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Simple Church 06 MOVEMENT: Removing Congestion

“Congestion is very frustrating,” and everyone in ATLA said amen! Whether congestion comes in the form of traffic, head or chest preasures, or other forms congestion is the last thing you want to experience in your life. According to R & E congestion is a real problem for many churches as well; “many churches people are stuck in the same place spiritually. And there is no intentional process to move them.”

This chapter is dedicated to overcoming the problems of congestion by enabling movement in churches lives. R & E start the chapter off by making the point that transformation and movement rather than congestion is God’s plan for his people, after all just look at Moses’ own experience with the glory of God fading from him in comparison to the average believers promise that the Holy Spirit will never fade nor his glory in their lives but only increase. R & E don’t pull punches in this chapter, “stagnant believers are the anti-thesis of God’s plan.”

So what is our part in transformation and movement, simple – place yourself in the right place to be transformed by God. Remember, movement is the sequential steps in the process that causes people to move to greater areas of commitment. What’s your part as a church leader in this important concept of movement? “…to place people in the pathway of God’s transforming power. Your part is to design a process that partners with the transforming process revealed in Scripture.” In order to do this we need to get over our congestion, just as doctors prescribe medicine for patients and drivers use the gps to get around traffic, R & E offer you and I five remedies to congestion in the churches life: 1) Strategic Programming; 2) Sequential Programming ; 3) Intentional Movement; 4) Clear Next Step; and 5) New Members Class

  1. Strategic Programming – Simple church leaders abhor programs for the sake of just programming or church traditions. Programs are tools to place people in God’s pathways and if they’re not functioning that way they need to be ditched. So how do we start being intentional in this area as leaders? Begin with your clearly defined process. Choose one program for each phase of your process. Design each program for a specific aspect of the process. Place the programs in sequential order.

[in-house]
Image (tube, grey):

2. Sequential Programming – Programs must be placed along your ministry process, and they also must be placed in sequential order.” What’s the idea behind this? Sequence produces movement and sequential programs means programs that produce movement. How do you get here? Order the sequences of your programs to reflect your process. Designate a clear entry-point to your process. Identify the next levels of programming.
  3. Intentional Movement – R & E use a very colorful person to illustrate how important intentional movement is, who do they use? If you guessed Johnny Lechner you were correct (you know the guy who took 12years to complete his college degree, talk about a movement problem!@#$%*). Simple churches avoid the Lechner syndrome, but how do they avoid it? In four ways: they create short-term steps to move people through each program in the process; they capitalize on relationships being the force in that movement and so they make relationally-driven programs; they consider the “now what?” question of the process – ie now that we’re here where do we go next and what do we do now; and lastly they connect people to groups. Why do they do this, because when people are sticking to people in a church they tend to stick to the church as well.
  4. Clear Next Step – Small steps are vital to intentional movement but those small steps can only be mae if the next step in the process is clear to both the people and the leaders. For R & E the most important people this affects is new Christians because they have a great potential to impact non-Christians and welcome them into the community.
  5. New Members Class – There is an orientation for almost everything these days.” Eric, one of our books author, found out just how true this is when he went in to exchange his glasses for contacts. They wanted him to take a special class, he refused and to this day he wears glasses. Rather than just having people fill out a card to be members R & E say new members classes are vital because its the place where the simple process and purpose of the church is ingrained in them in their first moments in the community. How do R & E envision new members classes working? They teach the simple process, and they ask for commitment to the process. To be a member means a clear idea of the process of the church and a commitment to it.

R & E close off this chapter by pointing not at Moses but at Jesus, particularly at Jesus’ pattern of discipleship in the gospel of Luke. They suggest Jesus had three distinct phases to his discipling ministry: calling (Luke 5-6), building (Luke 7-8), and sending (Luke 9). “These three phases are sequential and are designed to move the disciples toward greater levels of commitment…Jesus called, built, and sent His disciples. He strategically and sequentially placed them in a position to move to greater levels of commitment and growth. His discipleship process was simple. It was not stagnant or congested. It had movement. Take the prescription...”